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Golden Knights launch virtual reality experience

Updated October 24, 2019 - 4:37 pm

It all started with a tweet.

Heidi Browning, the NHL’s chief marketing officer, visited the virtual reality company Sense Arena’s setup at CES 2019 and was impressed enough to post about it.

Brian Killingsworth, the Golden Knights chief marketing officer, saw the tweet and decided it was worth checking out. Ten months later, the Knights are the group’s first NHL partner.

That means Sense Arena’s virtual reality hockey equipment is available to Knights players, local youth teams and visitors at City National Arena. There’s an instillation set up at the practice facility and fans can check it out during the Knights’ four-game homestand, which begins at 3 p.m. Friday against the Colorado Avalanche.

“It’s not as much of a physical training tool as it is a mental training tool,” said Garrison Macri, Sense Arena’s managing director in North America. “That’s really an important part of what we’re doing here. This is state-of-the-art brain training technology that we’ve brought to hockey.”

Sense Arena’s “VGK VR” setup at City National Arena includes a mock rink, a headset and a hockey stick that transports users to a virtual arena. The technology contains more than 80 drills, each with three difficulty settings.

It allows players to practice basic things such as passing or shooting, but there are also more advanced drills that cover things like tipping shots and defensive-zone breakouts.

“We put players into real-life situations,” Macri said. “And then we measure their peripheral vision, their ability to recognize the open lane and then their reaction time.”

The company has some prominent backers. New Jersey Devils all-time leading scorer Patrik Elias was at Sense Arena’s CES setup. Boston Bruins right wing David Pastrnak, who led the NHL in goals entering Thursday with 10, has been featured in promotional materials. And legendary right wing Jaromir Jagr, the league’s second all-time leading scorer, uses it with the team he owns in the Czech Republic: Rytiri Kladno. He’ll be doing social media promotions with the company in the near future.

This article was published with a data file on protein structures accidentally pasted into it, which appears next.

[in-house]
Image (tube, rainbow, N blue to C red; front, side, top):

“When you train your brain like that, it can translate to the ice pretty quickly,” Elias said at CES 2019.

Those looking to try the system out at City National Arena can do so during select hours. Pricing starts at $10 for two games and $20 for five. Each game produces a score and for $40 a player can get a full diagnostic test that creates an account to track their progress.

The Knights hope to have players like Jonathan Marchessault and Max Pacioretty do some of the drills so visitors can see how their score stacks up.

Killingsworth said the tech could also “potentially” be used in their Vegas Jr. Golden Knights program. He hopes it encourages people who like the sport but haven’t played to give it a shot.

“When we saw it, we said ‘This would be unbelievable to have’ for two things: One, for the advanced hockey player that’s really looking to sharpen their skills,” Killingsworth said. “And also for a fan experience thing. So someone who has never been on the ice (could see) the appeal of having the stick in their hands and what it feels like.”

More Golden Knights: Follow at reviewjournal.com/GoldenKnights and @HockeyinVegas on Twitter.

Contact Ben Gotz at bgotz@reviewjournal.com. Follow @BenSGotz on Twitter.

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